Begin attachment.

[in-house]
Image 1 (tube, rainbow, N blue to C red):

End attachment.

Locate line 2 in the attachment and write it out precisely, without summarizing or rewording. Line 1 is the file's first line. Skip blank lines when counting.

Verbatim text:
Image 1 (tube, rainbow, N blue to C red):